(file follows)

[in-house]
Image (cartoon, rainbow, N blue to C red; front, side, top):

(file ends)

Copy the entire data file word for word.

[in-house]
Image (cartoon, rainbow, N blue to C red; front, side, top):